Pesto

Pesto

| pess-toh |

Pesto Genovese is made from basil, pine nuts, garlic, olive oil and parmesan cheese. Discover how to buy the best pesto, and top tips for cooking and storing it.

What is pesto?

Pesto is a generic Italian name for any sauce made by pounding ingredients together.

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The best known of these is pesto Genovese, usually shortened in the UK to just pesto. This is based originally on handfuls of the bright and bold basil grown around Genoa, pounded together with pine nuts, garlic (only a little) and olive oil and then finished with finely grated parmesan and pecorino cheeses.

Pounding in a pestle and mortar releases the pungent oils of the basil in a way that chopping or whizzing in a food processor cannot replicate.

Make your own with our pesto recipe.

How to cook with pesto

When cooking with pesto Genovese, remember that the flavour of fresh basil is dampened when heated; it’s better to add the sauce at the last moment.

Grilled vegetables all seem brighter with pesto Genovese. Fish enjoys a dollop of pesto Genovese, as does chicken and lamb and, although you can use it as a stuffing for any of these, using it fresh as a condiment usually works better.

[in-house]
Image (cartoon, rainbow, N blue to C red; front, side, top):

See our top 10 ways to use up pesto.

How to store pesto

Homemade will last for days but the flavour balance changes and the garlic and cheeses will dominate the basil. Store-bought pesto sauces will last longer and this is often due to preservative ingredients. These can be enlivened by adding a fresh version of the main original ingredients, like basil, coriander leaf, olives or sun-dried tomatoes.

Availability of pesto

Homemade in high summer is best. Bought pesto Genovese can be brightened up by pounding fresh basil leaves and add them to the mixture.

See our guide to DIY pesto to decide if you should make or buy.

Choose the best pesto

When starting from scratch with basil, ensure the picked leaves are fresh and fragrant. If they seem just green and a little acidic, you won’t get a good result, no matter how much you use. Different basil varieties, such as the more pungent Holy Basil, can be used, especially if the sauce is to go with meat or fish.

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These days, commercial pestos are being made with almost anything Mediterranean, including sun-dried tomatoes, olives, almonds and many other nuts, lemon and orange zest, and with such different herbs as coriander, parsley and rosemary.